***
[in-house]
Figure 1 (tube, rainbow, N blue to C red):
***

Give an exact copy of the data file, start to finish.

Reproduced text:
[in-house]
Figure 1 (tube, rainbow, N blue to C red):